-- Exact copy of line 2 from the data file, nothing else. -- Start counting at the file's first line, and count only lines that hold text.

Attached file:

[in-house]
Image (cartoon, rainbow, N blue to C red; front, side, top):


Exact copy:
Image (cartoon, rainbow, N blue to C red; front, side, top):